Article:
Followed with a personalized story, you’ll have the audience hooked up until the end of the speech.
Of course, humor should come naturally, and you shouldn’t do it if you feel like you have to force it. But keep in mind that humor can be a great ice breaker, so it’s never a bad idea to keep it as a “secret weapon”.
Unfortunately, you’ll likely feel stuck or not know what to say next during your impromptu speech.
Just the thought of this can paralyze many speakers who are put under the spotlight. However, there’s a quick tip you can use to turn the block in your head into an advantage.
Instead of worrying if your audience noticed, try to “fake” a meaningful pause whenever you’re feeling stuck. During this pause, you can relax, and sooner than you know it, you will think of something.
The best thing is, your audience will never notice that “something’s wrong”, and yet this will also give them a breather and help them continue following your speech.
Less is more, and during impromptu speeches that can go extremely wrong, it’s better to cut your speech short and yet deliver everything you believe is valuable to the audience.
In other words, it’s better to regret not saying something than to say too much and then be on the spot from where you can’t turn back.
Also, keeping things short will help you stay in control of your impromptu speech and even look a lot more confident during your performance!
Since most impromptu speeches happen unexpectedly, not only will you have to come up with something from nothing, but you’ll also have to give the audience something you’re looking for.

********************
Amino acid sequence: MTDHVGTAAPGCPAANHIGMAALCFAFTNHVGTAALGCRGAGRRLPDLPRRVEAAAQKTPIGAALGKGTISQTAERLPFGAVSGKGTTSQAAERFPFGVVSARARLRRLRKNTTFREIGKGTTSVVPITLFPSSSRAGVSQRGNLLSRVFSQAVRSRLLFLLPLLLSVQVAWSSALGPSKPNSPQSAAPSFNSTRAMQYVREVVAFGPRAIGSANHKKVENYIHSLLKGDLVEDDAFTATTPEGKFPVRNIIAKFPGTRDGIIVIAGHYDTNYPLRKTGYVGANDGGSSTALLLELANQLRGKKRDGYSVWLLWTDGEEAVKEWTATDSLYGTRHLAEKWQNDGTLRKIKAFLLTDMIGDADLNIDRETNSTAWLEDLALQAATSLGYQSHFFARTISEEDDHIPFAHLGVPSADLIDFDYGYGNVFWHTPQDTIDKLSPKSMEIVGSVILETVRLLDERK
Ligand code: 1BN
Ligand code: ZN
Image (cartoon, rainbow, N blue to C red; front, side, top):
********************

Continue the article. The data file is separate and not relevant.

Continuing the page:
Therefore, depending on the setting of your speech, you might try and turn your impromptu speech into a Q&A session, just like the journalistic interview type.
This will help you think less about what your whole speech will look like and focus on things the audience asks you in pieces.
You’ll still have full control over the answer, so turning a speech into a Q&A session is never a bad idea.
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Best Impromptu Speech Examples
We’ll now take a look at some of the best examples of impromptu speeches to draw inspiration from.
In this impromptu speech example, the speaker only took two minutes for a quick structure plan from where she was put under the spotlight straight away.
A great start with a personalized story that leads straight into the argument. During the argument, clear signs of uncertainty are visible, but the speaker did well by slowing the speech down and taking a couple of very short meaningful pauses.
Prepared with examples which is a bonus, the speaker went through her speech structure with ease. There were moments where the speaker was nervous, but she kept it well together and even seemed confident in her speech at times.